As soon as the film started rolling, I knew I would spend time with tears in my eyes. And I was right. By the sixth minute, I was fighting back the tears. Look to the Sky is a drama based on the autobiographical novel Childhood by Dutch writer Jona Oberski. The action opens in Amsterdam, where Jonah, a five-year-old boy, lives happily with his family. Jonah narrates the story (first-person narration is the best way to approach a movie adaptation of an autobiographical novel), and one immediately feels a closeness to the little boy, which makes the scenes that follow all that much harsher to watch.
When the soldiers come, Jonah’s world changes. His only fault…he is Jewish. Jonah’s parents try their best to shield his innocence and succeed for a while. Unfortunately, despite the optimistic viewpoint of this young child through whose eyes we watch the action unfold, viewers are well aware of the events of WWII, and there is an uneasiness watching the film. The tension grows when the family is removed from their home and sent to a temporary holding place. Yet Jonah and his parents still have hopes that the visas for Palestine they hold will guarantee their freedom.
The day comes for them to leave the temporary place. But instead of going to Palestine, the family finds itself incarcerated in the Bergen-Belsen concentration camp. That’s where little Jonah will grow up, separated from his father and encouraged to “look to the sky and never ever hate.”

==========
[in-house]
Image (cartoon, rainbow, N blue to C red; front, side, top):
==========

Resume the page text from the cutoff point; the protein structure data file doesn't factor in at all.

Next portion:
You will recall two other Coming-of-Age masterpieces that also give viewers a peak into the horrors of The Holocaust from a child’s perspective: The Boy in the Striped Pajamas and The Island on Bird Street. Both are memorable, not only because of the story they tell but because of the extraordinary performances of the young leads, Asa Butterfield and Jordan Kiziuk. Look to the Sky is no exception in that regard. But unique in Look to the Sky, as the action focuses on two periods of Jonah’s life, we have not one, but two actors with marvelous performances. They are five-year-old Luke Petterson, who portrayed Jonah at that age, and Jenner Del Vecchio, portraying Jonah as an adolescent. I was especially blown away by the acting talent of the young Luke Petterson. It’s hard to imagine that someone as young as five could conduct himself professionally in front of the camera.
The plot is filled with story twists that keep the viewer engaged and moved with each new development. Ennio Morricone’s score is moving on its own, featuring calm piano music and darker, sad-themed pieces accompanying the film’s most dramatic moments. An emotional rendition of the ancient Jewish song Gam Gam, performed by a children’s choir, is the most memorable piece from the film’s soundtrack.
Look to the Sky Official Trailer
Most of the film is in English, except for some short dialogues in Serbian, Bulgarian, Russian, and Yiddish. German is the only language other than English with a significant presence. And, while that dialogue is not translated, as soon as the initial confusion wears off, you won’t feel the need for a translation.
Look to the Sky is a powerful coming-of-age drama. While it takes its toll on the viewer’s emotions, I believe it’s a must-see for everyone. The film is highly suitable for educating young people about the rite of passage children their age went through in this horrid period in human history.
Film title: Look to the Sky
Also known as: Jona che visse nella balena
Release year: 1993, Jean Vigo International, French Productions, Focusfilm Kft.Plattform Produktion
Director: Roberto Faenza
Cast: Jenner Del Vecchio, Luke Petterson, Juliet Aubrey, Jean-Hugues Anglade, Djoko Rosic, Alexandrina Bojlova, and others